So the tiefling slayer is the main frontliner, supplemented by the dwarf cleric (who could buff and flank). The gnome witch and halfling wizard can handle debuffing, control, and other magical support. The elven zen archer handles ranged damage. The slayer and zen archer could both scout, and the casters can split knowledge skills between them. Party's biggest weakness with that arrangement is probably a lack of social skills, since the best Charisma is the wizard with a 12. Could probably scrounge up some racial +2 bonuses to Diplomacy and Bluff, and make them class skills for the right characters using traits or the fey thoughts alternate racial trait.

SomethingRandom wrote:
We roll for pointbuy.

Not sure if joking, but this seems like the worst of both worlds to me. You get variable power levels for stats, the resulting arrays are not organic, and you still don't necessarily know whether you can make specific concept until you roll (since some concepts work better for different point buys).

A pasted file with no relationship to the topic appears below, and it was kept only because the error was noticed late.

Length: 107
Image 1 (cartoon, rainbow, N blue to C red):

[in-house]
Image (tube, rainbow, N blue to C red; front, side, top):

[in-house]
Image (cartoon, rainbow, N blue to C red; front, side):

Shadow Lodge

avr, I think Genoin was talking about the superstitous rage power ("Spell Sunder / Superstitious") and not the archetype. The unarmoured barbarian is called the "savage barbarian" and it trades trap sense and DR for an AC bonus of up to +8 total (+3 dodge and +5 natural, increases at levels 3, 7, 9, 10, 13, 15, 16, and 19). Bad trade for a normally armoured barbarian, pretty good if you'd rather not wear armour in the first place, especially if you're not taking the natural armour bonus from beast totem. Note that Scarred Witch Doctor grants an enhancement to your natural armour, so it stacks.